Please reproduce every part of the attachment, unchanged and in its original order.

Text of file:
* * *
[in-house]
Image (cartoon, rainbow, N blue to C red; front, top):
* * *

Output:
[in-house]
Image (cartoon, rainbow, N blue to C red; front, top):